PM urges CARICOM pushback - Says Jamaican businesses shafted by trade partners
Seeking to bolster the confidence of Jamaican businesses eager to deepen their export footprint across the Caribbean, Prime Minister Andrew Holness urged investors to push back at perceived structural or cultural barriers to trade by regional partners.
Addressing Seprod’s official launch of its consolidated Serge Island Dairies Limited at Bybrook Ltd in Bog Walk, St Catherine, Holness sought to assure domestic players that they had the Government’s backing. However, the prime minister failed to declare what specific protection or advocacy Jamaica House would offer in defence of local businesses.
“Yes, you want to corner the CARICOM market, which sometimes can be a more difficult market than exporting to Nigeria and Mauritius, but do not give up ... . The Government stands behind you in ensuring that Jamaican companies get their fair access to the CARICOM market
“But our businesses have not always been given the fairest shake in terms of access, but we have taken a very proactive approach with CARICOM. We have not given up on the CARICOM market, and we are going to be very strong competitors in the CARICOM market,” said Holness, who was chairman of CARICOM up to December 2018.
Jamaican businesses have long complained of apparent xenophobic resistance to its exports in some Caribbean domains, particularly with Trinidad and Tobago, with which it has a trade deficit mainly rooted in lubricant imports. Trinidad and Tobago remains Jamaica’s largest trading partner in the CARICOM bloc.
Total imports from CARICOM during 2018 were valued at US$476 million, up 12.8 per cent above 2017. But earnings from CARICOM exports decreased by 1.1 per cent, from US$80 million to US$79 million in the same period.
Jamaica is the largest CARICOM market in the Caribbean in terms of consumer numbers, excluding Francophone Haiti.
Despite recommendations that Jamaican businesses take their grievances to the Caribbean Court of Justice, where cases can be brought in its original jurisdiction, few have taken up the offer.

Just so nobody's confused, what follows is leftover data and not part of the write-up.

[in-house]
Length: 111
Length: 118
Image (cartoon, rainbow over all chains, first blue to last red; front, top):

But Holness called for domestic enterprises to leverage whatever competitive advantages they have to seize a share of the regional market.
“The truth is that we are going to compete in CARICOM based on the efficiencies and quality of our goods, and this plant and the people who work here are an investment. The investments that are made represent Jamaican competitive advantages both in terms of quality and prices,” said Holness.
“So our products will be irresistible for the CARICOM market, and we will get our fair access to the CARICOM market.”
With capital injection of more than J$7 billion from 2015-2018 in technology, staff training, and strategic partnerships to drive growth and increase exports and import substitution, Seprod’s chairman, Paul B. Scott, said his company was committed to growing its manufacturing base and export reach across CARICOM.
Among Seprod’s successes are the first shipments of Supligen to the United Kingdom and Canada; the export of flour and corn grits to Barbados and Trinidad; and the expanded reach of Betty UHT Milk into Antigua, Cayman, and Montserrat, as well as scouting new markets in Mauritius and Nigeria.
Scott called for the support of state stakeholders to help remove hurdles to business.
“A lot of the growth is gonna come from the opportunities in the export market, ... but we need to ensure that we get the support for the development for the CARICOM market, and that is something that I know that we depend on the Government to do because that will make the big difference for us and a big difference for Jamaica,” he said.